The problem is, nowadays, too many of our church communities are consumer-driven rather than servant-minded. In our commitment-phobic, consumeristic society, the problem of "convenience-store Christianity" in which our churches have become distributors of faith-based goods and services rather than manifestations of God's Kingdom, is on the rise. In this context, the focus is on what the church can do for us (good kids' programs, an accommodating facility, inspiring sermons, fun events, a social network), not what we can do for the church. When this happens, we're not thinking so much about serving and glorifying God as we are about Him meeting our own needs and desires. And when a particular church doesn't meet our expectations, we soon lose interest and go elsewhere.

This is not to say there's anything wrong with finding a church that's a good fit for us. When my family searched for a church in our new town, we were blessed to find one with solid teaching, a strong sense of community, and a great kids' ministry. As stewards of our childrens' spiritual lives, we felt it was our responsibility to make these things a priority. But if our commitment-level to God's Kingdom was contingent on these things being provided, we would have the wrong perspective.

The reality is, American Christians have it pretty good; in most parts of the country we're spoiled for choice when it comes to churchgoing. Many of us get to cherry-pick from a list of great churches with bells & whistles to offer. As a result, we can take our blessings for granted: air-conditioned sanctuaries with comfortable seating; Bible studies with childcare; hightech audiovisual presentations, etc. We can suffer from feelings of entitlement and be under the misconception that we deserve these things from our church. We can overlook the fact that Christians in other parts of the world risk their lives, and make enormous sacrifices, just to worship together secretly in dingy basements without any of the creature comforts we've come to expect.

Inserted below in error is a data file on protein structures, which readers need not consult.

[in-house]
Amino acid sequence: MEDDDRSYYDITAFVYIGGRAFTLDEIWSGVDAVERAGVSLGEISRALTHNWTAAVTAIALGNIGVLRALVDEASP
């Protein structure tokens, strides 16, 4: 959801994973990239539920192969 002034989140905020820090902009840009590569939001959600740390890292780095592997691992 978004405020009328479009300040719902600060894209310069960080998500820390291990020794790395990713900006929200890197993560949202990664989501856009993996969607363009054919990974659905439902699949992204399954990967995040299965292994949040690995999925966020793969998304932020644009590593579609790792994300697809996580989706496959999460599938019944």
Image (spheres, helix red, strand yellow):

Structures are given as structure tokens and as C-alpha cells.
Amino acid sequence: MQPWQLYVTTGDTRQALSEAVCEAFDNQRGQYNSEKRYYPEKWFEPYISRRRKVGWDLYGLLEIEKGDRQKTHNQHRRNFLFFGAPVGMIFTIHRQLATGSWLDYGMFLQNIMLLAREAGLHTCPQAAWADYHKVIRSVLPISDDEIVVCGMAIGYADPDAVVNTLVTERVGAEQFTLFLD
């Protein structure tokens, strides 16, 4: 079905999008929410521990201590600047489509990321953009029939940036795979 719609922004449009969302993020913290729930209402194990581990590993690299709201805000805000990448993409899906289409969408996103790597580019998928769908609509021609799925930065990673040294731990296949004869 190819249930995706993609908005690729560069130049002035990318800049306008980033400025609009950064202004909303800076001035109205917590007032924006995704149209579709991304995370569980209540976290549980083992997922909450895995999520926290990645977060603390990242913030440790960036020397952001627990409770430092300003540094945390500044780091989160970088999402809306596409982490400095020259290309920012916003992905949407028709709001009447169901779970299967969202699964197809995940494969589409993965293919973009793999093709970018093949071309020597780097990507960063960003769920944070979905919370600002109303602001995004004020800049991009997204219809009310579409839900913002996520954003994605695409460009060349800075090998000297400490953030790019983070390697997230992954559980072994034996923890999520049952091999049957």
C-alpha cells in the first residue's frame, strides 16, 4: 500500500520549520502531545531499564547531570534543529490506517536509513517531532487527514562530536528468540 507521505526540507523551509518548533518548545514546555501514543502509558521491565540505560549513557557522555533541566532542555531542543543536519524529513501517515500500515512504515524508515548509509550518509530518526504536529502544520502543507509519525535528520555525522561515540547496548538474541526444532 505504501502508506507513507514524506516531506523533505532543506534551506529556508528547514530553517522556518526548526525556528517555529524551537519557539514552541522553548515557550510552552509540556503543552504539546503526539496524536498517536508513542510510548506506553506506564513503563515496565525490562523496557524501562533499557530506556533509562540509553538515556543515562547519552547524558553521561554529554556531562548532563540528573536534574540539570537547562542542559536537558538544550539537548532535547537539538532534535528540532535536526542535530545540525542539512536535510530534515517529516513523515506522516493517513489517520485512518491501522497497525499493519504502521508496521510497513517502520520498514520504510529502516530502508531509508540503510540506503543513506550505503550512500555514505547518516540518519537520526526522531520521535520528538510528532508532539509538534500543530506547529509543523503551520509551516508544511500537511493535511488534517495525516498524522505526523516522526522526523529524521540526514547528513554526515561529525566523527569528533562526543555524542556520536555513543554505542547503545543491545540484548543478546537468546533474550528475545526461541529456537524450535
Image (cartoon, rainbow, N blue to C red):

And when we focus on what the church can do for us, we forget that, in fact, we are the Church.

As a result, many of our churches are now more akin to social clubs than they are to spiritual families, being devoid of faithful commitment, self-sacrificial love, mutual accountability, and Christ-centeredness. These social clubs often constitute somewhat shallow relationships inasmuch as they're based on expediency, personal comfort-levels, and quick-fix community. They usually promote organized fun and self-helpism over authentic fellowship and spiritual growth. And an overemphasis on common interest- or convenience-based community gives rise to the ever-pressing problem of church cliques, resulting in more of a self-centered environment that's sorely lacking in open-heartedness and outreach-mindedness.